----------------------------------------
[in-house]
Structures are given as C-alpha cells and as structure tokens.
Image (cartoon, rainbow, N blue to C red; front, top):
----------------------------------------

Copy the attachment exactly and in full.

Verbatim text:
[in-house]
Structures are given as C-alpha cells and as structure tokens.
Image (cartoon, rainbow, N blue to C red; front, top):